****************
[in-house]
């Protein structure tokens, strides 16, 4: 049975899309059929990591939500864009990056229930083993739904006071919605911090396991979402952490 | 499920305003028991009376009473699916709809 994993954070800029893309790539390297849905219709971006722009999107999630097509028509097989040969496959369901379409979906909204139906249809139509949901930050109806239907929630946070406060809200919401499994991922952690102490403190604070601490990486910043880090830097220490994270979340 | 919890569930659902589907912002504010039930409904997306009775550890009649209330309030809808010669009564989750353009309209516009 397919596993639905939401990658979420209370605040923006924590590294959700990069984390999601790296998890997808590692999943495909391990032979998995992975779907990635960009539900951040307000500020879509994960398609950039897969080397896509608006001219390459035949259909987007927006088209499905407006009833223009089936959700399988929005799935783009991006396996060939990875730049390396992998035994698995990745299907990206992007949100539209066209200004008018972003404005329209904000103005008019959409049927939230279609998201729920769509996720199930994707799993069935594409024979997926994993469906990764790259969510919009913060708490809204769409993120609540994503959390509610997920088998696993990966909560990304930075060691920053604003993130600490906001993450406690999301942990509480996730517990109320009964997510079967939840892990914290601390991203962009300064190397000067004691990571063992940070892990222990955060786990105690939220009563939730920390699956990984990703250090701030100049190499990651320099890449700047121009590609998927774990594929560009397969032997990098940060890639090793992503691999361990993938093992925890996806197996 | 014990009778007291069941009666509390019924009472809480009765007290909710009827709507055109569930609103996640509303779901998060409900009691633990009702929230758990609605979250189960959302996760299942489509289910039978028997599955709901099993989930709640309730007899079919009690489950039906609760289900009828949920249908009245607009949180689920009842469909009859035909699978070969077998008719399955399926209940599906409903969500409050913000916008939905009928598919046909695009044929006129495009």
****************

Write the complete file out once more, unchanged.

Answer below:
[in-house]
């Protein structure tokens, strides 16, 4: 049975899309059929990591939500864009990056229930083993739904006071919605911090396991979402952490 | 499920305003028991009376009473699916709809 994993954070800029893309790539390297849905219709971006722009999107999630097509028509097989040969496959369901379409979906909204139906249809139509949901930050109806239907929630946070406060809200919401499994991922952690102490403190604070601490990486910043880090830097220490994270979340 | 919890569930659902589907912002504010039930409904997306009775550890009649209330309030809808010669009564989750353009309209516009 397919596993639905939401990658979420209370605040923006924590590294959700990069984390999601790296998890997808590692999943495909391990032979998995992975779907990635960009539900951040307000500020879509994960398609950039897969080397896509608006001219390459035949259909987007927006088209499905407006009833223009089936959700399988929005799935783009991006396996060939990875730049390396992998035994698995990745299907990206992007949100539209066209200004008018972003404005329209904000103005008019959409049927939230279609998201729920769509996720199930994707799993069935594409024979997926994993469906990764790259969510919009913060708490809204769409993120609540994503959390509610997920088998696993990966909560990304930075060691920053604003993130600490906001993450406690999301942990509480996730517990109320009964997510079967939840892990914290601390991203962009300064190397000067004691990571063992940070892990222990955060786990105690939220009563939730920390699956990984990703250090701030100049190499990651320099890449700047121009590609998927774990594929560009397969032997990098940060890639090793992503691999361990993938093992925890996806197996 | 014990009778007291069941009666509390019924009472809480009765007290909710009827709507055109569930609103996640509303779901998060409900009691633990009702929230758990609605979250189960959302996760299942489509289910039978028997599955709901099993989930709640309730007899079919009690489950039906609760289900009828949920249908009245607009949180689920009842469909009859035909699978070969077998008719399955399926209940599906409903969500409050913000916008939905009928598919046909695009044929006129495009």